From Betsy Gleeson's obituary, "Austin married Elizabeth "Betsy" Billman. Betsy was born in Philadelphia, PA, April 27, 1939. She was the daughter of Burton and Elva Billman. Austin and Betsy have a daughter Linda (Cilek) and a son, David. Betsy graduated from Abraham Lincoln High School in Philadelphia in 1957. She then went to work as a transcription typist for Girard Bank. It was during her daily commutes that she met her future husband on a city bus. They married and moved to Syracuse, New York. In 1969, Betsy braved a cross-country move to Austin, Texas, with her husband and two young children. In Austin, she built a house and set about creating a home for her family. Throughout her life, she selflessly acted as the foundation for her family, providing the stability and harbor that allowed them to succeed in their pursuits. Ever eager for new challenges, Betsy pursued her desire to help children. She returned to her educational studies, earning her associate‘s degree from Austin Community College. Her great desire to experience the thrill of travel and her ability to plan exquisite trips took her across the United States, into Mexico, Europe, and the Caribbean. She enjoyed handling the management of her home, arranging travel for herself and her husband, and involvement of the social events of their lives. Betsy died on November 5, 2010, in Austin. She is survived by her devoted husband of 50 years, Austin M. Gleeson, her daughter, Linda Cilek, her son, David, her grandson, Cameron Cilek, her eldest sister, Carol McGuigan and her beloved dachshund Casey Blueberry. She was preceded in death by her father, Burton Billman, her mother, Elva Billman, and her younger sister, Jayne Turner. A dedicated, vibrant and beloved mother, wife, daughter and sister, she was a star in their firmament whose warm glow and wisdom will guide our lives forever. Interment was at Sunset Memorial Park, Feasterville, Bucks County, Pennsylvania. In lieu of flowers, donations in her memory were to be made to SafePlace in Austin, TX (www.safeplace.org). Her grave is adorned by a poem of Lord Byron,

"She Walks in Beauty":

She walks in beauty, like the night 
Of cloudless climes and starry skies; 
And all that’s best of dark and bright 
Meet in her aspect and her eyes; 
Thus mellowed to that tender light 
Which heaven to gaudy day denies. 

One shade the more, one ray the less, 
Had half impaired the nameless grace 
Which waves in every raven tress, 
Or softly lightens o’er her face; 
Where thoughts serenely sweet express, 
How pure, how dear their dwelling-place. 

And on that cheek, and o’er that brow, 
So soft, so calm, yet eloquent, 
The smiles that win, the tints that glow,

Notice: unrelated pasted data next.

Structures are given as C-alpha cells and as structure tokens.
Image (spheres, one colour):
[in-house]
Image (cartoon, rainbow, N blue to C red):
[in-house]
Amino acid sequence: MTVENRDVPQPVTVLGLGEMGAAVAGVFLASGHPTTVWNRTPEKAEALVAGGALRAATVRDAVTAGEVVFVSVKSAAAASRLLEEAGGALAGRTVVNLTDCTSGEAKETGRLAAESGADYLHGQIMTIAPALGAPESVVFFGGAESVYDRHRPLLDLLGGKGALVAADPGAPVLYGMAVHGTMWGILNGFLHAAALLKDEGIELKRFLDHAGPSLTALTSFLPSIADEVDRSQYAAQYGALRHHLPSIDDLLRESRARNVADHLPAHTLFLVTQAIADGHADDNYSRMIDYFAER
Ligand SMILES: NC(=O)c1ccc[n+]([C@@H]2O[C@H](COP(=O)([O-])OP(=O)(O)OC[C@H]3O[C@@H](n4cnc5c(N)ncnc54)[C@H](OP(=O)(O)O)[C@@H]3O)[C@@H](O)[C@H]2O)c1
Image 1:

But tell of days in goodness spent, 
A mind at peace with all below, 
A heart whose love is innocent!"

Gleeson philantropic contributions to the University of Texas were extensive. His philanthropy with the university began in 2010 shortly after his wife, Elizabeth, passed away. He wanted to do something in her name and knew there had always been a need for the Plan II Honors Program to fund professors who teach courses in the program. By taking distributions from his faculty retirement account, he funded $150,000 toward a professorship in Plan II, challenging Plan II alumni to join him. In two and a half years, the funds for the professorship had been committed. The Elizabeth B. Gleeson Excellence Endowment in Physics (has been upgraded to a professorship) will forever fund a physics professor to teach in Plan II. {However, recently, this endowment now funds three professors in physics with no connection to Plan II.)

"Blunt and funny, Gleeson says creating the fund was so painless. “I got to thinking, why should I save that money until I drop dead? Why don’t I give it now with the $100K a year out of my retirement?” He was so pleased with the response from Plan II alumni that he decided to make four additional gifts to seed four new professorships in the Plan II Honors Program, contingent on other donors matching his gift. He announced his intentions during his acceptance speech while becoming the first Natural Sciences professor to receive the College of Liberal Arts’ Pro Bene Meritis Award." (From article written by Avrel Seale).

The physics department development program owes much to Gleeson. He maintained contact with many in the business, government and academic community and was very successful in using these contacts to fund research projects, chairs, professorships, fellowships, scholarships, lectureships and items that were not fundable with state monies.

Gleeson retired in 2020.

Austin M. Gleeson Photo and Document Album

Austin M. Gleeson, Lincoln High School yearbook, The Knight, 1956.

Lincoln High School Soccer Team, 1956, Austin Gleeson, 4th from left, backrow.

 

Lincoln High School Soccer Seniors, 1956, Austin Gleeson, 3rd from left.

 

Austin Gleeson, UT Austin

 

Austin Gleeson, UT Austin

 

Austin Gleeson

Gleeson in Plan II Class

 

1959 Soccer Team, Drexel University, Austin Gleeson, 4th from right, co-captain.
Drexel Yearbook, Spartan.

Austin Gleeson, 1960 graduate, Drexel University

 

Austin Gleeson sandwiched between bed of nails. Andrew Yui wielding sledge hammer. 2018 (Photo courtesy of Jack Clifford.)

 

Jerry Hoffmann and Austin Gleeson, Lothar Frommhold and Len Kleinman in background. (Courtesy of Jack Cliffored.)

 

5/7/08  Carol Billman McGuigan, Betsy Gleeson's sister, Betsy and Austin Gleeson at the Alumni Center 

Mel Oakes, Pat Oakes, Jim Vick and Austin Gleeson, Jean Holloway Award Dinner 2009